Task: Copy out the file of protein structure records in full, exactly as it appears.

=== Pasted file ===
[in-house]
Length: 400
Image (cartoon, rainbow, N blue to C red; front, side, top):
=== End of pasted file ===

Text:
[in-house]
Length: 400
Image (cartoon, rainbow, N blue to C red; front, side, top):